This verse contains what may be the clearest expression in the New Testament of belief in the Holy Trinity. It probably expresses the baptismal formula used by Matthew’s church, but its primary function here is to designate the effect of baptism which is the union of the one baptized with the Father, Son, and Holy Spirit. By this union we are drawn into the very life of the Trinity.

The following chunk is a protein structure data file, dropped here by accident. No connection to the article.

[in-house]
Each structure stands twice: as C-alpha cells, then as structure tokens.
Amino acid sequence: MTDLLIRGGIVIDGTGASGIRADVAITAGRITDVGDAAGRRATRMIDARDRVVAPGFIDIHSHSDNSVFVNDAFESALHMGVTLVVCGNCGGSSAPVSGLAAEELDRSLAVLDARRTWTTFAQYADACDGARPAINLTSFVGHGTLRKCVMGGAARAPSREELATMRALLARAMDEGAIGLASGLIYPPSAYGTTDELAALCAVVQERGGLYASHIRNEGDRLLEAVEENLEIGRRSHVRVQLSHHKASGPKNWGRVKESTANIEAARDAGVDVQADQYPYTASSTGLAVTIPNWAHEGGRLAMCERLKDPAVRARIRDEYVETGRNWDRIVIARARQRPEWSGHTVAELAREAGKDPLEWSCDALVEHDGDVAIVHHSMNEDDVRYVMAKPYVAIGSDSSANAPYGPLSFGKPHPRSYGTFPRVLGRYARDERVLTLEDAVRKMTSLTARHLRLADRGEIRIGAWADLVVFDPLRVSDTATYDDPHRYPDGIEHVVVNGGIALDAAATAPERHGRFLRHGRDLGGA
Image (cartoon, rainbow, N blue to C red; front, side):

* 28:20 The commands mentioned here include all the moral teaching found in this gospel, but especially that of the Sermon on the Mount (Matthew 5-7). The commandments of Jesus replace the Mosaic law as the standard of Christian conduct, even though some of the Mosaic commandments have been repeated and continued by the authority of Jesus. The promise of Jesus’ real presence echoes the name Emmanuel given to him in the infancy narrative (Mat 1:23) even though His presence may not be generally visible. The reference to the end of the age refers to the future when the Kingdom of God will come in its fullness. Matthew is the only Gospel that uses the term, “end of the age.” See the Matthew 13:39 and Matthew 24:3. Although the exact meaning is never precisely given, it seems to indicate a time marked by the return of Jesus. </font